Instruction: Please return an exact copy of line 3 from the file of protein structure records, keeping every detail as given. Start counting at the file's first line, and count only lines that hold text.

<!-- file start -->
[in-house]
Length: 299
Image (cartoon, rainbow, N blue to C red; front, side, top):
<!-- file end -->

Image (cartoon, rainbow, N blue to C red; front, side, top):